Likewise, textures can powerfully alter our emotional response to a space. "If you stick to one basic texture, particularly one known to make us feel good, you'll get a more relaxing effect. And if you use multiple textures, you add a little more energy into the space," says Augustin. "Studies have found that soft textures – like the materials that baby clothes are made from – are most relaxing to feel." It is also helpful to consider textiles' acoustic influence on a room, she explains. "When you're designing, remember to consider all of the sensory implications. In your living room, if you have at least one rug, upholstered furniture and curtains on the windows, those softer surfaces will absorb sound and prevent echoing, creating a more pleasant environment."
Another easy way to cultivate calm at home? "Any time you can bring nature into the equation is a win," says Graham. "Plants are great," says Augustin, "especially green, leafy ones with curving leaves and stems." But, she adds, naturalist or biophilic design extends far beyond plants and views of nature. "We tend to find curving lines most relaxing – either in two-dimensional patterns, or in three-dimensional forms, like the shape of the back of a couch – as they evoke forms we find in nature. While natural materials, particularly unpainted wood, are really great for keeping our stress levels in check."
How we want to feel at home, however, will inevitably vary depending on the space we're inhabiting and how we're using it at any given time. If you're accommodating multiple people within a space, for instance, you may wish to position your furniture to promote better conversation, Graham explains. "To create cosiness and the ability to connect with others, we want our furniture facing each other," she says. While Augustin notes that "if you want to encourage the most collegial, convivial interaction, everybody involved should be seated at more or less the same height. It's the same as the advantages of a round versus a rectangular dining table."
There are plenty of other ways to tap into the psychology of space. "Colour can be very impactful," says Augustin, "Something light and not very saturated will have a calming effect – a sagey green with lots of white mixed into it, say – while warm colours can spur our appetite and make people appear friendlier to one another." Objects can similarly set the mood of a space, says Graham, "whether that's a piece of furniture, an artwork or a specific thing that lights you up, and you can use that feeling to anchor, or drive the momentum of the whole room." Singer also suggests shuffling objects around to recontextualise them – "maybe move something somewhere unexpected like a bathroom, or place a chair at the end of the hallway."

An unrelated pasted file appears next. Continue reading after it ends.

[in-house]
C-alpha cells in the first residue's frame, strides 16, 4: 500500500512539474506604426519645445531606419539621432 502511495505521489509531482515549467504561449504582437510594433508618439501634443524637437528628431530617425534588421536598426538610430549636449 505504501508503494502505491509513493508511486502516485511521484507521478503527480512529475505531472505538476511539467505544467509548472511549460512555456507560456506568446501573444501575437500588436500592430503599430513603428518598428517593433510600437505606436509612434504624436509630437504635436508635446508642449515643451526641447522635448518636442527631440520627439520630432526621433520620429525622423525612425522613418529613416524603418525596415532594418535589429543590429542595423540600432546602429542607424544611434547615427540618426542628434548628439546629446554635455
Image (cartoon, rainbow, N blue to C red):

When it comes to getting a better night's sleep, meanwhile, the way you arrange your bedroom can, of course, make all the difference. "You need to think about your night-time behaviours and routine," says Graham, "and what's going to put you into the best space to shut out the thoughts or anxieties of the day." This can range from surrounding yourself with warm lighting and soothing textures to making sure that your work space – which may remind you of pending tasks – is hidden from sight. The same goes for visual clutter, which, according to Augustin "is stressful generally, and in the context of trying to fall asleep is particularly problematic". And a clear view of the door to your bedroom can make you feel calmer, she says. "That goes back to our basic survival instincts and seeing the entry point to our space."
However you're looking to adjust your space to better support your needs, experts advise us to view our homes as idiosyncratic and constantly evolving organisms – just as we ourselves are. "Assembling and curating an interior that makes you feel good takes time," says Whitehead. "It's a process of trial and error that should continue throughout our lifetimes".
Khemsurov agrees. "We say in the book that you shouldn't treat your home like a museum," she says. "If you set it a certain way and never touch it again, that doesn't leave space for you inside your own home. The more you touch and interact with your space, the more connected to it you become." The magic of personal spaces, no matter how big or small, is that they have the ability to "really transform our emotions and who we are," concludes Graham. "And if we take the time to be mindful about that, it's a really powerful means of living more functionally, while feeling more fulfilled."